Admittedly, I'm tunnel visioned. I only have one child. She is not "neurotypical." Yet, I'm able to imagine that what I'm about to communicate here could apply to parents who have children without disAbilities. And that is, it's not a sprint. It's a marathon--this thing I'm doing, we're doing, so many of us--this thing called raising a child.
From my perspective--not to lessen the challenges of raising any child--it looks to be a sprint to the finishing line when one has a child without disAbilities. They are born. They go to school. They graduate. "The days are long but the years are short," aptly writes Gretchen Rubin in her New York Times Best-selling book The Happiness Project. They go to college, maybe, and, they leave home--maybe. Eventually. Of course this is all myopic, again, eliminating the fact that we all have struggles. No one lives life free of some sort of challenge or hurdle, especially raising a child.
I typically resist war analogies because I believe how I perceive this journey is about the attitude I choose. My preference is to travel the path of least resistance and peace when possible. But, often, passivism must transform into activism to gain equal access for people with disAbilities. And, the reality of the journey is that most of us must fight nearly every step of the journey. Too frequently we must battle for the smallest rights about which others Americans do not think twice. We are not always welcomed in public and private classrooms, heart-breakingly in faith communities, and, in the general community. I realized this mere months into our our journey. Grace was refused admission into preschool at the Baptist church where she had attended Mother’s Day Out the previous year. She was diagnosed with autism midway into the year and was still not toilet trained. I still recall crouching down before the table face to face with the director, a line of registering parents behind me. My voice began to raise and escalate in pitch, as I questioned what I was hearing, confused, my eyes stinging and brimming with pregnant tears. Welcome to the Journey, Leisa. DisAbility Rejection, 101.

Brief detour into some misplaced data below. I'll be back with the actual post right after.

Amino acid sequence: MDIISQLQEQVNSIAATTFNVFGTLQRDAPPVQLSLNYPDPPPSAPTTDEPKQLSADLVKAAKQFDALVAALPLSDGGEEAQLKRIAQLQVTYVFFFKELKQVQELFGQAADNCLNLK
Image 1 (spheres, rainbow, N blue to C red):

By law, public schools must serve our special needs children. I am pro-public school, but I wish I simply had the choice of private schooling. It's about having a choice--the freedom to choose. And while there are some private schools that focus on students with learning differences, there is, where I live, a strata of qualification, and it doesn't feel too great not to make the cut or to be unable, even, to converse at any length with an admissions counselor.
The lot of us special needs parents navigating the public school systems across America know that we are often told to go down the hall to a segregated classroom, or to another school that handles children "like that." And, yes, I know an elementary school principal who once said "like that." Even within the more accommodating schools, many of us must seek the teachers who are the most "disAbility friendly." Sometimes it's akin to choosing the lesser of two evils. Rise to middle school and then said parent has to pick and choose a number of teachers. Then there's the issue of finding the appropriate paraprofessional. I have become an extension of the Human Resources department, years ago learning I must recruit my own personnel for this extremely important position and not rely on whomever HR can dredge for the lowest paid position within the entire school system. Enter high school, and in our system, the challenge is finding classes where my daughter can meaningfully participate and learn alongside typically developing peers. And then, watching in disgust and protest, our system tears down and eliminates programs and classes such as culinary arts and cosmetology where she and others with more severe levels of disAbility had the greatest chances of learning alongside their typically developing peers.
After graduation my daughter will enter a period of community-based transition until she is 22, still within the school system. And then there will be some more governmental job training supports. It sounds good, and I am particularly grateful for the transition program. It's One. Thing. Our school system does well. But it's very patchy afterwards. And just when I see parents around me letting out a collective sigh of relief, I'm steeling myself for greater demands and peering over the cliff at a huge Unknown. Yes, my contemporaries are also seeing an unknown course in some ways. Who knows the future? But there's a little more of a road map for my peers. There are some bread crumbs left on the path for us from those who've engineered a way before us. I take those and sup gratefully, but I still face wandering a darkened path, needing more light, more, choices, more hope, more support.
This journey with my differently abled child was never a sprint to adulthood. No. It was, it is, a marathon.